Overview

Mammary gland tumors are a type of cancer that arises from breast tissues. About 50 percent of these tumors are malignant, which means they can spread, and 50 percent are benign and do not spread.

The cause of mammary tumors is not well understood. Hormones such as estrogen and progesterone play an elusive role in the development and progression of these tumors. Mammary gland tumors occur most commonly in females; they are rare in males.

The average age that pets develop these tumors is 10 to 12 years of age. Spaying pets early in life will significantly decrease the risk of developing mammary gland tumors later in life.

Diagnosis and Treatment Notes:

  • Mammary gland tumor is generally diagnosed by biopsy or fine needle aspirate of the mass and chest x-rays. Bloodwork, abdominal x-rays and abdominal ultrasound may be recommended.
  • Treatment depends on the severity of the disease, your individual pet, and your veterinarian. The surgical removal of the mass and associated mammary tissue (mastectomy) is recommended. Un-spayed pets should be spayed. In pets with a malignant tumor, chemotherapy, radiation therapy and/or anti-estrogen therapy may be recommended. Discuss treatment details when your pet is diagnosed with this condition.

 

What to Watch for*:

  • Masses or lumps within the mammary glands
  • Bruising of the skin over the mammary glands
  • Ulceration (open wounds) on the mammary glands
  • Bleeding of the skin associated with growth of the masses
  • Difficulty breathing
  • Coughing
  • Lack of ability to exercise
  • Lack of appetite

*Please notify us if you notice any of the above signs or if you have any questions!

Dear Valued Clients

During these challenging times, there have been some unforeseen changes at The Big Easy Animal Hospital. I cannot express enough my sincere apology for any inconvenience you have experienced at The Big Easy during these times. As we strive to make the practice safe to protect everyone including you, your family, and our Big Easy team and their families, I’ve decided to make certain changes while we are under this pandemic. These changes will be temporary.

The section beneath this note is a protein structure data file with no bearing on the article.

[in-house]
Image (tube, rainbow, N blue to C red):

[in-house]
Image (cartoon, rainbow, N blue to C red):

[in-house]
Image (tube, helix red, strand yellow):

Monday through Friday:

Walk Ins start at 10:00am, check-in starts at 9:00am.There are a limited amount of patients we can accept. Our receptionists will be happy to assist you with options to help guide you and your pet(s).)

 

Starting Saturday, August 1st

Saturdays will be TECHNICIAN APPOINTMENTS only. These will include boosters, bloodwork, nail trims, certain diagnostics, etc. There will not be a veterinarian on site. While I understand these changes can be inconvenient, I have listed local veterinary clinics that we have contacted and are open to see walk-ins throughout the week and Saturdays as well. For life threatening emergencies that occur outside business hours, please contact the following 24-hour animal hospitals below.

Please, be safe and healthy.

Thank you all for your understanding. -Aileen Ruiz, DVM

 

24 Hour Emergency Care:

 

Pittsburgh Veterinary Specialty and Emergency Center

807 Camp Horne Road
Pittsburgh, PA
(412)366-3400

 

AVETS

4224 Northern Pike
Monroeville, PA
(412)373-4200


VCA Castle Shannon Animal Hospital

3610 Library Road
Pittsburgh, PA
(412)885-2500


Veterinarians Accepting Walk in Care:

Penn Animal Hospital

2205 Penn Avenue
(412)471-9855
WALK—IN’S—MONDAY THRU FRIDAY from 10:00 AM – 1:30 PM


North Boros Veterinary Hospital

2255 Babcock Blvd
(412)821-5600
WALK-IN’S—MONDAY THRU FRIDAY from 9:00 AM – 12:30 PM

 

 

Contact Us

You have Successfully Subscribed!